An old mate suffered a fatal heart attack whilst on holiday with his wife on Gran Canaria last month, he was 73, his wife is 70, can you imagine how much it cost to repartiate his body to the UK?

They were insured by the way.


I'm Spartacus, well why not?

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02 Apr 2016 16:42 by johnzx Star rating in Spain. 5186 posts Send private message

I know it is a very personal thing but there is no way I would want my body sent anywhere but to the cemetery or crematorium, which ever was the cheapest. If relatives wanted to take the ashes, weight about 4 lbs,  somewhere then they could be put in suitcase for free.

Also bodies are not always acceptable. too emaciated, obese etc. Also in UK, don't know about Spain, if a Doctor has not attended the person for I believe it is within one month of death, then they cannot issue a death certificate. Or if for another reason they will not issue the certificate, then a PM is required.    Also it certainly used to be that if a person died in hospital in UK then a PM was always required.  

When a PM has been `performed the hospital etc almost certainly would not accept it as a donation.

So a plan B is needed.

This message was last edited by johnzx on 02/04/2016.

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02 Apr 2016 17:26 by baz1946 Star rating. 2138 posts Send private message

    Also it certainly used to be that if a person died in hospital in UK then a PM was always required. 

Maybe different hospitals have different rules, hard as it might be to believe, but I have had to pay twice for a death certificate signed by two hospital doctors when the person died in hospital under these two  doctors care, when I kicked up a stink about the double cost it was said because the body was to be cremated and couldn't be exhumed later if need be, no Post mortem was carried out.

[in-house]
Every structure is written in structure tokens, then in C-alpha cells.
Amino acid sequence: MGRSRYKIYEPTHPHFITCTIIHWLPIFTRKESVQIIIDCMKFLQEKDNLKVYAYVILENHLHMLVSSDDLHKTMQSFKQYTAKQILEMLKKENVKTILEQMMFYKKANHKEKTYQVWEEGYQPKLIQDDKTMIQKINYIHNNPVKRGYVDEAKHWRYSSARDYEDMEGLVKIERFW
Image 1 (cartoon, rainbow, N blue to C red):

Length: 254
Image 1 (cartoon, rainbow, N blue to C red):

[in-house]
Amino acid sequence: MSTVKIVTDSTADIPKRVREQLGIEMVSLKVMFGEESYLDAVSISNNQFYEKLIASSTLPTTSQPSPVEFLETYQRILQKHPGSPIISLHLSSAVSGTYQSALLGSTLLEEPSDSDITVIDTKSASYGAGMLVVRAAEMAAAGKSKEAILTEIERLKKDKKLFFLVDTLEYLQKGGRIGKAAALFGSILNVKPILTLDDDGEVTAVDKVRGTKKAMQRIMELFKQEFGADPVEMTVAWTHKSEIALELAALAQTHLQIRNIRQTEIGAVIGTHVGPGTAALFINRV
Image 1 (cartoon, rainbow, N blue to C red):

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02 Apr 2016 18:10 by johnzx Star rating in Spain. 5186 posts Send private message

Extract from :- 


When post-mortems are carried out


A post-mortem examination will be carried out if it's been requested by:


    a coroner – because the cause of death is unknown, or following a sudden, violent or unexpected death

    a hospital doctor – to find out more about an illness or the cause of death, or to further medical research and understanding


The two different types of post-mortem are discussed below.

Coroner’s post-mortem examination


A coroner is a judicial officer responsible for investigating deaths in certain situations (see below). Coroners are usually lawyers or doctors with a minimum of five years' experience.


In most cases, a doctor or the police refer a death to the coroner. A death will be referred to the coroner if:


    it's unexpected, such as the sudden death of a baby (cot death)

    it's violent, unnatural or suspicious, such as a suicide or drug overdose

    it's the result of an accident or injury

    it occurred during or soon after a hospital procedure, such as surgery

    the cause of death is unknown


When I have attended PMs in cases of suspicious deaths, the OIC of such an enquiry always attend PMs, thus I have attended many.  In erach case I was always aware of  the number of bodies there,  for  PMs, which had died in hospitals.

But as Baz pointed out, I see now it is not a must,  but from  my experience it is a very common occurrence that when a person dies in hospital there is a PM.

But my point was that after a PM the body will probably be rejected for donation, for the simple reason there is not that there is not much,  if any,  left to examine.